Stacy Francis brought drama to The X Factor stage right from her audition — a tear streaked rendition of “(You Make Me Feel Like) A Natural Woman” — all the way to her final moments on the stage (a tense judges’ vote on whether to cut her, or petulant rapper Astro). TVLine caught up with Season 1’s 10th place finisher to ask her about controversy over the way her backstory was presented on the show, her personal take on the right time to go for a glory note, and whether or not she thinks she’s cut out to be a pop star.
TVLINE | So let’s talk about your “Natural Woman” audition, which was used heavily in ads for The X Factor‘s first season, then got released as part of an eight-minute promo reel before the season aired.
STACY FRANCIS | I’ll never live down the mascara running down my face. I’m like, “Okay, maybe I can get an endorsement deal with a waterproof mascara company.” I could just stand in the commercial with mascara running down my face and [they could say], “Don’t use that mascara, use this one.” [Laughs]
TVLINE | Having that pre-season hype, did that make you feel anxious or excited, or maybe both?
STACY FRANCIS | Well, I really beat myself up; I found everything wrong that I could with that “Natural Woman” performance. But then they aired the whole audition and people were so supportive: “Wow, we love your voice” and “You made me cry.” I feel like that was a genuine moment for me. So I was really happy that people felt my passion and had compassion for me and my story. It was really exciting.
TVLINE | What was it like being on that stage during the audition? There was one camera shot from behind where we got the “Stacy’s eye view” of what was going on there.
STACY FRANCIS | That was a great shot. I remember it was so scary, because a couple of months before that, I had put up a picture of Simon Cowell on my wall. I wanted to meet him so badly and I wanted to sing on that show; I had prayed for that. And my hand was shaking so hard that I had to take the other hand and hold it [still]. Then, in my heart, I was just like, “This is your moment. Just pray and go for it.” And the audience in that room was very supportive, as well. It looked like a lot more than 4,000 people. It was a sea of faces.
TVLINE | That’s intense.
STACY FRANCIS | Of course, somebody came to me right before I went out to sing and told me that Adele was in the audience. And I was like, “Please don’t tell me that on top of Simon Cowell and Paula Abdul! I don’t want to know!”
TVLINE | So after your audition came boot camp, and toward the end of those episodes, we found out that your father had passed away during that process.
TVLINE | My dad would have wanted me to stay because he knew my journey and how long I’d been trying to make it in the business. And the fact that he died on the day that I arrived [at Boot Camp], to me, was very significant. It could have happened two weeks prior, and I could have been in New York and been there [with him]. But the fact that it happened [when I got to Boot Camp] made me say, “Okay, he’s going to be an angel for me.” My mom had a long conversation with me and she was like, “Look, we know that this is your dream, and you’ve been fighting for this for so long, so do it, go.” And I was kind of happy that I get a chance to remember him the way I remember him, instead of in a box.
TVLINE | On the subject of how long you’ve been trying to get to this point in your career, there was a lot of online chatter after your audition aired, stories about some of the previous experience you’ve had as part of the R&B girl group Ex-Girlfriend, the Broadway experience you had. And there was some backlash, a feeling that you’d been presented as a housewife who was desperate for a chance in the business, when you’d already had these previous near-misses. How did you feel when those stories started coming out about you?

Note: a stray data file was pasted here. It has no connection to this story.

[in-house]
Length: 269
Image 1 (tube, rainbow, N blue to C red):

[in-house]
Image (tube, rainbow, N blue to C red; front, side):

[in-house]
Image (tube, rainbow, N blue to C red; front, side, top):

STACY FRANCIS | I felt like it was very unfair. First of all, [those experiences were] in the ’90s, and we’re sitting at 2011. And I had mentioned on air that when I hit 30 years old, that’s when I was being told that I was too old. I sat down and I went through every article that Perez Hilton had written about me. And I honestly counted the days. I think there are 4,360 or so days in 12 years. And in that 12 years, I worked 57 of them. I worked 57 days.
TVLINE | In music- or stage-related work, you mean?
STACY FRANCIS | For him to be like, “Oh, she’s lying, and she did work.” In one instance, it was repertory theater. I did a show down in San Diego because a friend of mine was a director and he was like, “Come do this show.” It was Dreamgirls and I was like, “Okay,” but it was a 99-seat theater. Still, I don’t want to invalidate that theater. They do good work.
TVLINE | So you’re trying to say you were not sitting on a mattress of cash.
STACY FRANCIS | Not at all. I think I made like, maybe $100 a week for three weeks. And then there was the fact that I couldn’t get anybody to talk to me about representing me — as far as being an agent or a manager or to do a record. Everybody was telling me I was too old.
TVLINE | Probably the most negative attention of all was focused on you singing at Tom Cruise’s birthday party.
STACY FRANCIS | All of the sudden I was a Scientologist. Or she sang for Tom Cruise, therefore she’s a celebrity and she knows everybody. And then I sang in a choir on a one-shot deal for Madonna. And the reason I was getting these sort of celebrity gigs is because a lady at my church has those relationships, and she was filtering me in on some of those things. But the Madonna thing I didn’t get paid for. It was one-shot. And the Tom Cruse thing I think I got paid for, but I didn’t know where I was going and I didn’t know Tom and I don’t know him now.
TVLINE | That’s a lot of information, and there’s no way to boil it all down into X Factor‘s 30-second personality packages.
STACY FRANCIS | It got really, really ugly and very mean. I was being called a liar and a fraud. And Simon had to step up and say, “You know what, she didn’t lie. We know about people’s backgrounds.” And I the biggest thing — and I’ve always said this to reporters that ask me about it — was, “Did you know my name?” Like I said, I wasn’t a household name. And people were acting like I was Janet Jackson coming to do The X Factor.
TVLINE | Right.